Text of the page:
Film review: Spike Island - Another Stone Roses film that just makes Shane Meadows' look good
Here's the other Stone Roses film, a coming-of-age drama whose only effect is to make Shane Meadows' recent documentary look classy.
Mat Whitecross's film celebrates the seminal 1990 gig the Roses played at Spike Island in Widnes, refracting it through the story of five Mancunian scallies and their own band, Shadowcaster. They intend to hand their demo tape to their heroes backstage, but as the countdown to the big day begins they still haven't scored any tickets.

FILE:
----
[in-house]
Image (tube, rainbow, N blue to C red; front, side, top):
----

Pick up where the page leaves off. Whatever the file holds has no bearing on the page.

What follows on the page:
Nostalgists will smile at the fond recreation – the haircuts, the pills, the baggy jeans, the sweaty pubs – and perhaps admire a young cast that includes Elliott Tittensor as the band leader "Tits" (no, really) and Sally (Emilia Clarke, from Game of Thrones) as the schoolmate he falls for.
Alas, Chris Coghill's dismal screenplay hobbles it from the off, whether in beg-for-tears stuff about errant brothers and dying fathers or in the potty-mouthed banter that falls flatter than Ian Brown's voice.
If he wants to know how teenagers can be witty and rueful and filthy at once, he should watch The Inbetweeners. The heady whirl of the Roses' first album played loud is a treat – the only one.
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